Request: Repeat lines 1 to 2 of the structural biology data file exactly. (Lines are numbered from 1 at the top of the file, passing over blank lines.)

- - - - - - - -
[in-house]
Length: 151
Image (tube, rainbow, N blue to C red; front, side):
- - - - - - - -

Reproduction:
[in-house]
Length: 151